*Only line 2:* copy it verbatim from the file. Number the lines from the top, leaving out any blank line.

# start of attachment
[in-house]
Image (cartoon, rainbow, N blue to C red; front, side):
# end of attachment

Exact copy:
Image (cartoon, rainbow, N blue to C red; front, side):